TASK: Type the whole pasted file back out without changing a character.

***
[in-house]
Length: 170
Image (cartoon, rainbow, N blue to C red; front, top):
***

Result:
[in-house]
Length: 170
Image (cartoon, rainbow, N blue to C red; front, top):